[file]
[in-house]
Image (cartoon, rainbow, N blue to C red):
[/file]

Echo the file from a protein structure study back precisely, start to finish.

[in-house]
Image (cartoon, rainbow, N blue to C red):